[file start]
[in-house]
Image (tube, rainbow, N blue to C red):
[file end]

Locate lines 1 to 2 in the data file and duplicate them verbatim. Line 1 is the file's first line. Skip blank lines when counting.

[in-house]
Image (tube, rainbow, N blue to C red):